Passover seders can get a little long and boring for young children, but it's all worth it for that one shining moment: the search for the afikomen. Traditionally, the afikomen (a piece of matzah broken in half), is placed in a cloth bag and hidden somewhere in the house for the kids to find near the end of the meal. A prize is usually involved, so you can see why it's important. You can have an even more meaningful experience by hand-making an afikomen bag with your kids.

This project is intended for the Martha Stewarts among us. If you love crafting, this one's for you!

You Will Need:

Felt: one large piece for the envelope (11.5" x 16") and smaller pieces in various colors for decorating the envelope
A pencil
A ruler
Sharp scissors
Fabric puff paint, in glittering silver, sold in an applicator bottle
Acrylic paint, or fabric paint, or both ( I mixed some white acrylic paint into my purple fabric paint)
Ric rac trim or ribbon
Freezer paper
An iron
Small manicure scissors or a craft knife
A small piece of dense sponge or a stencil brush
A hot glue gun
The word "afikomen" written in English or Hebrew (provided below)
A button, snap closure, or hook and eye closure (optional)

Instructions:

1. Following the diagram provided here (right click and view image to enlarge), cut out your felt piece with sharp scissors. You can draw on the felt with a pencil and ruler. While I chose to make my envelope a horizontal one, you can certainly play around with the dimensions and make an envelope that's square, or with the flap on the end, like a large mailing envelope.

afikomen in hebrew

2. Cut a piece of freezer paper to roughly 8 1/2" x 11" and using the word afikomen in English or Hebrew (right click and view image to enlarge) print the document onto the freezer paper, making sure that the printing will happen on the non-waxed side.

3. Using small manicure scissors, carefully cut the black letters out, and iron the stencil onto the flap of your felt envelope, or anywhere you choose. Make sure that the freezer paper is securely adhered to the felt, particularly around the letters.

4. Using a dense sponge or a stencil brush apply paint to your stencil, making sure not to overload the sponge or brush with paint. Dip sponge or brush in paint, and remove most of the paint on a piece of scrap paper before applying paint to the felt. Too much paint can cause the paint to bleed under the edges of the freezer paper.

5. Allow paint to dry, apply another coat if necessary. Many instructions for freezer paper stenciling say to wait overnight to remove the stencil, but I really don't know why, and I certainly have never been able to wait that long!

6. Iron pieces of freezer paper to the pieces of felt you'll be using to decorate your envelope.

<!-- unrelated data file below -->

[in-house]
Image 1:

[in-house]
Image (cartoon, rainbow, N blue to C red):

7. Create felt applique pieces by getting the kids to draw small simple pictures on the freezer paper side, and then cut them out to use as decorations. The red flowers on my envelope were drawn by my daughter, and they're inspired by the wild red poppies that cover the countyside in Israel around Passover time!

8. I didn't include a closure on my envelope, but you certainly can sew on a button and simply cut a slit in the flap of the envelope, or sew on snaps or hook and eye closures. If you choose to do this, do it before you start laying out the felt applique pieces.

9. Create designs on two sides of your envelope using your felt pieces, and moving them around on the envelope until you're happy with the results, and then attach them with hot glue. Add ribbon or delicate ricrac for a nice touch.

10. For the finishing design touch--lay your whole envelope piece out flat, and add small and delicate details to the hebrew letters and some of the felt pieces with fabric puff paint. I like using the silver glitter puff paint as it looks like jewels! (This step might be difficult for small children as it requires quite a bit of finesse to squeeze the bottle just enough so that a tiny dot comes out. But some children may be quite able, just let them practice on a separate piece first. Also,  be very careful not to touch the dots that have been applied, as they'll smear.)

11. Set aside to dry overnight (or a full day) as the fabric puff paint takes a while to dry.

12. Glue the envelope closed with a line of hot glue on each of the side seams. Since it's hard to make a totally straight seam with hot glue, it looks much better to leave the edges on the outside.

13. Enjoy using at your Passover seder for many years to come!

Sara Rivka Dahan runs the website Creative Jewish Mom.